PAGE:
“Society cannot afford to let private markets continue to pollute under the shroud of darkness. The institutional investors whose retirement capital is at risk, the communities harmed by fossil fuel extraction and impacted by climate change, and the public deserve transparency and a rapid transition away from dirty energy from the private equity industry.”


SG Voice: Private equity firms investing billions in fossil fuels

SG Voice shared the findings of the scorecard report, sharing how the “lack of disclosure regulation limits transparency” and that “embedded energy holdings [are] not compatible with climate action.”

SG Voice had this to say about the scorecard release:

“Financial watchdogs have released a report revealing billions of dollars in undisclosed fossil fuels holdings. Weak disclosure regulation has allowed private equity firms to keep investors in the dark over where their money is being spent. The report is likely to spark further debate on regulatory measures to improve the transparency of private equity.”

In addition, the article quoted the authors of the scorecard when describing the five climate demands: “as private equity continues to operate and expand fossil fuel capacity and infrastructure, the underlying assets are highly leveraged – leading to increased risks of bankruptcy, stranded assets, and financial contagion.” Private Equity Scoops Up Oil And Gas Assets was surprised by large amount of oil and gas assets PE firms have in their portfolios, stating, “Another surprising find: the 10 largest private equity funds have 80% of their energy investments in fossil fuels.”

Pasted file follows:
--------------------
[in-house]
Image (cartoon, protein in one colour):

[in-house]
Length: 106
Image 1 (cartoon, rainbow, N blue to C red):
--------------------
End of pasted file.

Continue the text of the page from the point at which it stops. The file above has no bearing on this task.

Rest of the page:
In addition, the publication was spot on when talking about the problem of transparency in PE firms and their investments.

“Meanwhile, there’s an issue of accountability. Whereas banks and oil firms are accountable to their shareholders and to the public, private equity firms are only accountable to their limited partners. PE firms raise and manage investment funds on behalf of large investors, including public pension plans thus making them more resistant to public criticism.”

The article quoted the report directly as well in its call to align the PE industry with recommended climate targets. “The billions of dollars private equity firms have deployed to drill, frack, transport, store, refine fossil fuels and generate energy, stand in stark contrast to what climate scientists and international policymakers have called upon to align our trajectory to the 1.5 degrees Celsius warming scenario,” states the report.